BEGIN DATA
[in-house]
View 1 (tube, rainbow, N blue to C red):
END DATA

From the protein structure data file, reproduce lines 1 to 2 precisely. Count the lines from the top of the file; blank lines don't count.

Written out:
[in-house]
View 1 (tube, rainbow, N blue to C red):